The Child Sexual Abuse Review Panel – how it can help you
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The Child Sexual Abuse Review Panel (CSARP) is a joint initiative between the National Police Chiefs’ Council (NPCC) and Crown Prosecution Service (CPS) and reviews cases in England and Wales where a victim or survivor feel the decision to take no further action (NFA) in an investigation was unjust and would like the decision to be reconsidered.
The CSARP was established in June 2013 to revisit cases that were not covered under the Victims’ Right to Review (VRR) scheme.
VRR was introduced to enable victims to seek a review of either a CPS or police decision to take no further action in respect of allegations they made; however, the scheme only applies to decisions made on or after 5 June 2013
What does the CSARP do?
The panel will consider whether the approach taken by the police or CPS was wrong and advises whether the allegations should be reinvestigated by the police or the prosecution decision reviewed by the CPS. To do this, they will look at the information requested of and provided by the relevant police force or CPS area, to decide whether to advise that the original decision was correct or if further action should be taken.
If the decision is made to reinvestigate or review the case, it will be referred back to the police force or CPS area from where the case originated for them to decide on the action to be taken.
If the panel agrees with the original decision to take no further action, the victim or survivor will be informed by letter with specialist help and support provided or signposted. There is no appeal point beyond the panel.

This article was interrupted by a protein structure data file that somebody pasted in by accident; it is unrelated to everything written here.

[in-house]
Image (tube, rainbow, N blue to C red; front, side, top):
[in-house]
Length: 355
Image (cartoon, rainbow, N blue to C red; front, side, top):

Sole responsibility for taking these decisions in the panel rests with the police and CPS members. The independent representative in the panel will play an advisory role i.e. they will receive and consider the relevant information and provide views to the police and CPS members of the panel as to the decision they consider should be taken.
Why was the CSARP set up?
CSARP was set up in June 2013 to look again at cases that were not covered by the Victims’ Right to Review (VRR) Scheme.
VRR was introduced to make it easier for victims to seek a review of a CPS decision not to bring charges or to terminate all proceedings; however, the scheme only applies to decisions made on or after 5 June 2013.
Cases will be considered if:
The report is about an alleged sexual offence against the victim or survivor;
The victim or survivor is referring to a report previously made to the police about the sexual offence;
A decision to take no further action was taken by the police or by the CPS;
The alleged sexual offences was committed when the victim or survivor was under 18 years of age;
The alleged offender may still pose a risk;
The alleged offence was committed in England and Wales;
The case was investigated and marked no further action by police or CPS before 5 June 2013.
It is important to note that even if the victim or survivor has previously asked the police or the CPS to look at the decision they made previously, their case will still be considered.
Cases will not be considered if:
The victim or survivor hasn’t previously reported the matter to the police as this will therefore be a new complaint that the police will need to investigate.
New evidence has come to light prompting a fresh investigation by the police.
The case was investigated and marked no further action by police or CPS after 5 June 2013.
Who is on the panel?
The panel consists of a Chief Crown Prosecutor, a chief police officer, a specialist prosecutor, an experienced child abuse police investigator, and an appropriate independent representative.
How do victims and survivors refer a case to the panel?
Cases can be referred to the panel directly through a dedicated email address: [email protected].
Alternatively, the victim or survivor can also bring their previous complaint back to the police force or Crown Prosecution Service.